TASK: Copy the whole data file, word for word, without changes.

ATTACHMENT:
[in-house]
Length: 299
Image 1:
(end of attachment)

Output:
[in-house]
Length: 299
Image 1: